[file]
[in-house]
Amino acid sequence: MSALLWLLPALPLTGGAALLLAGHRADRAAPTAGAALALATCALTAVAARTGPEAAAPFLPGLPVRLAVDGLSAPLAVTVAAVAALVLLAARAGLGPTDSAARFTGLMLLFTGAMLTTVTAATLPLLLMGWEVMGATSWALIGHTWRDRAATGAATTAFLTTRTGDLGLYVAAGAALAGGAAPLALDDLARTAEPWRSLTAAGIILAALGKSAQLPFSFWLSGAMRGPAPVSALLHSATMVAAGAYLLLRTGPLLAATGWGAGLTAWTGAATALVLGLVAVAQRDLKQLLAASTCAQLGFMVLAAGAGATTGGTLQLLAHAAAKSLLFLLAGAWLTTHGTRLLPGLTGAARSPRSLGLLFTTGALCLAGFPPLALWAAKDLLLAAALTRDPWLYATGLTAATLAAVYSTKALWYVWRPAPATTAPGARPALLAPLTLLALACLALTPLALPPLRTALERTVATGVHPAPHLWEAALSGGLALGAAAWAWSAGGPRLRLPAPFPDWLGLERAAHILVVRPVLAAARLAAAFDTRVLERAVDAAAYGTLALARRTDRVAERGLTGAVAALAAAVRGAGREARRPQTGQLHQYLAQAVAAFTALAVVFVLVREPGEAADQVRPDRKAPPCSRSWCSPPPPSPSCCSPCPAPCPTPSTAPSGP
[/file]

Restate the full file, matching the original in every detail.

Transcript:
[in-house]
Amino acid sequence: MSALLWLLPALPLTGGAALLLAGHRADRAAPTAGAALALATCALTAVAARTGPEAAAPFLPGLPVRLAVDGLSAPLAVTVAAVAALVLLAARAGLGPTDSAARFTGLMLLFTGAMLTTVTAATLPLLLMGWEVMGATSWALIGHTWRDRAATGAATTAFLTTRTGDLGLYVAAGAALAGGAAPLALDDLARTAEPWRSLTAAGIILAALGKSAQLPFSFWLSGAMRGPAPVSALLHSATMVAAGAYLLLRTGPLLAATGWGAGLTAWTGAATALVLGLVAVAQRDLKQLLAASTCAQLGFMVLAAGAGATTGGTLQLLAHAAAKSLLFLLAGAWLTTHGTRLLPGLTGAARSPRSLGLLFTTGALCLAGFPPLALWAAKDLLLAAALTRDPWLYATGLTAATLAAVYSTKALWYVWRPAPATTAPGARPALLAPLTLLALACLALTPLALPPLRTALERTVATGVHPAPHLWEAALSGGLALGAAAWAWSAGGPRLRLPAPFPDWLGLERAAHILVVRPVLAAARLAAAFDTRVLERAVDAAAYGTLALARRTDRVAERGLTGAVAALAAAVRGAGREARRPQTGQLHQYLAQAVAAFTALAVVFVLVREPGEAADQVRPDRKAPPCSRSWCSPPPPSPSCCSPCPAPCPTPSTAPSGP